There are so many things to be excited about! This new role feels like an important opportunity to advocate for our clients on both individual and community levels. We are very fortunate in Maine to have awesome domestic violence agencies that work hard to provide resources for older Mainers. Yet, there is still a societal misconception that domestic and sexual violence only happens to younger people and that there cannot be violence and abuse within relationships between older people. Because of this, older survivors are often left out of the conversation, leaving little support and education for them to access when they need it. During my time as Program Coordinator, I hope to dispel those misconceptions to destigmatize abuse in later life so that those who need resources feel empowered to access them. Most of all, I am excited to meet the people who will come through Martha’s Cottage and participate in their journey in whatever way feels right for them. 


4. What services will you be providing as far as outreach and education about our Martha’s Cottage Program?


At EAIME, we believe that elder justice is holistic and every community member plays a role. Martha’s Cottage cannot exist without the support and partnership of our communities in Maine. The purpose of our outreach services is to spread awareness and education about Martha’s Cottage so that individuals who are experiencing abuse or are working with someone experiencing abuse will know about this resource. The other reason why we provide outreach services is to create partnerships throughout Maine. This is incredibly important for paving the way to resource access for our Martha’s Cottage clients as well as finding ways we can collaborate to meet the needs of other organizations. The solution to ending abuse is much larger than EAIME alone and requires all of us to come together to create communities that have readily available resources for those experiencing abuse, and opportunities for prevention for those who may be at risk of abuse. 


Outreach and education services are flexible to meet the needs of those who are interested and can come in the form of a phone call, an email exchange, and/or a program presentation for your organization or business. Anyone can reach out to learn more about Martha’s Cottage including nonprofits, businesses, faith communities, age-friendly community groups, banks, doctor’s offices, law enforcement, etc. Martha’s Cottage serves the entire state of Maine so outreach services are not dependent on location.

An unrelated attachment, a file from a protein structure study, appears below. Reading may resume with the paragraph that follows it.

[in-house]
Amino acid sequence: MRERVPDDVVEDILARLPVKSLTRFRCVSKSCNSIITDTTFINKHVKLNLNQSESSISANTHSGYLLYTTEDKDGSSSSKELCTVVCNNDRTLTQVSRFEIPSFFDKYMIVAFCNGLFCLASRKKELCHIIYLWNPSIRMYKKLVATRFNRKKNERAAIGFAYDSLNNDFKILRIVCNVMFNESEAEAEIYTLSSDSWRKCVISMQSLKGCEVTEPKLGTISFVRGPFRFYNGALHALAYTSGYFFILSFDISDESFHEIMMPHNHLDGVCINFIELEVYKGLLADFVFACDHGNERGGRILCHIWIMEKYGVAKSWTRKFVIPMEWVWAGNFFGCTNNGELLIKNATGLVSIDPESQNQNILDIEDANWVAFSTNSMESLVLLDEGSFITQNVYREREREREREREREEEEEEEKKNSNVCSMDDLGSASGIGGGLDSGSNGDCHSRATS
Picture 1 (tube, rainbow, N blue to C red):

5. How can someone reach you to schedule an information session or to learn more about our Martha’s Cottage Program?


For more information, please contact me at (207) 844-1176 or by email. I’m really looking forward to hearing from you! 


Martha's Story: A Lifetime of Walking on Eggshells


Touching and intensely personal, this is Martha’s Story of "emancipation"  from Jim, her abusive husband. The video chronicles the gradual progression of the abuse–the control, the isolation from family and friends, the constant threats and intimidation and finally, Martha’s finding the courage to reach out for help.


In her own words and memories, Martha’s hindsight on her 51 years of abuse is hard won and honest, and as much a catharsis for herself as a clarion call for other abuse victims to realize that there is a way out with the hope and the opportunity to begin again.

"We were very moved by Martha's Story and think this is a great contribution toward educating others."

 "A must see for healthcare, legal, social, and protective service providers."

Michelle Zallar, National Clearing House on Abuse in Later Life


This video is available for purchase to use as a training resource through Terra Nova Films.  Information can be found here.


Priscilla's Story
Learn more about our Martha's Cottage Program, and Priscilla's story of transformation.

Downeast Magazine featured our transitional housing program in October 2016.